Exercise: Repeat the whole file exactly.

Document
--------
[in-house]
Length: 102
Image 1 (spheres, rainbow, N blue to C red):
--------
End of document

[in-house]
Length: 102
Image 1 (spheres, rainbow, N blue to C red):